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  28.  7
    Semantics: a new outline.Frank Robert Palmer - 1976 - New York: Cambridge University Press.
  29.  59
    The Limits of Blame: Rethinking Punishment and Responsibility.Erin Kelly - 2018 - Cambridge, Massachusetts: Harvard University Press.
    Faith in the power and righteousness of retribution has taken over the American criminal justice system. Approaching punishment and responsibility from a philosophical perspective, Limits of Blame takes issue with a criminal justice system that aligns legal criteria of guilt with moral criteria of blameworthiness. Many incarcerated people do not meet the criteria of blameworthiness, even when they are guilty of crimes. The author underscores the problems of exaggerating what criminal guilt indicates, particularly when it is tied to the illusion (...)
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  30.  62
    Republicanism: A Theory of Freedom and Government.Erin Kelly & Philip Pettit - 1999 - Philosophical Review 108 (1):90.
    In his most recent book, Philip Pettit presents and defends a “republican” political philosophy that stems from a tradition that includes Cicero, Machiavelli, James Harrington, Locke, Montesquieu, Rousseau, and Madison. The book provides an interpretation of what is distinctive about republicanism—namely, Pettit claims, its notion of freedom as nondomination. He sketches the history of this notion, and he argues that it entails a unique justification of certain political arrangements and the virtues of citizenship that would make those arrangements possible. Of (...)
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  31. Stability and Justification in Hume’s Treatise, Another Look- A Response to Erin Kelly, Frederick Schmitt, and Michael Williams.Erin I. Kelly - 2004 - Hume Studies 30 (2):339-404.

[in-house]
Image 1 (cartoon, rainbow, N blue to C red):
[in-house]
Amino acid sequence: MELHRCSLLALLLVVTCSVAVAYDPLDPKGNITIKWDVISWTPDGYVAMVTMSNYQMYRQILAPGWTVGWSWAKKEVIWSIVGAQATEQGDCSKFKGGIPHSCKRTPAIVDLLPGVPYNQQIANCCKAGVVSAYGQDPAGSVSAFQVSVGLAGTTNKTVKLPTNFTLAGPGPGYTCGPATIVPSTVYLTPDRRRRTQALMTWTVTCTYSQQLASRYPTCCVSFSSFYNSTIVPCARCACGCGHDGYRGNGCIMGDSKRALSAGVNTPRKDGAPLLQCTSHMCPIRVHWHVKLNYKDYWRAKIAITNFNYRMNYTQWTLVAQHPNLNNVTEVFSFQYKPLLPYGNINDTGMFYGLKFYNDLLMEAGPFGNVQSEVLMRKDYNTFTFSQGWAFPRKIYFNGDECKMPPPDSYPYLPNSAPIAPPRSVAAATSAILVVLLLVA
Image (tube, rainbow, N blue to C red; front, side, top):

Hume’s moral philosophy is a sentiment-based view. Moral judgment is a matter of the passions; certain traits of character count as virtues or vices because of the approval or disapproval they evoke in us, feelings that express concern we have about the social effects of these traits. A sentiment-based approach is attractive, since morality seems fundamentally to involve caring for other people. Sentiment-based views, however, face a real challenge. It is clear that our affections are often particular; we favor certain (...)
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  32. What is a Stereotype? What is Stereotyping?Erin Beeghly - 2015 - Hypatia 30 (4):675-691.
    If someone says, “Asians are good at math” or “women are empathetic,” I might interject, “you're stereotyping” in order to convey my disapproval of their utterance. But why is stereotyping wrong? Before we can answer this question, we must better understand what stereotypes are and what stereotyping is. In this essay, I develop what I call the descriptive view of stereotypes and stereotyping. This view is assumed in much of the psychological and philosophical literature on implicit bias and stereotyping, yet (...)
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  33. Failing to Treat Persons as Individuals.Erin Beeghly - 2018 - Ergo: An Open Access Journal of Philosophy 5.
    If someone says, “You’ve stereotyped me,” we hear the statement as an accusation. One way to interpret the accusation is as follows: you haven’t seen or treated me as an individual. In this essay, I interpret and evaluate a theory of wrongful stereotyping inspired by this thought, which I call the failure-to-individualize theory of wrongful stereotyping. According to this theory, stereotyping is wrong if and only if it involves failing to treat persons as individuals. I argue that the theory—however one (...)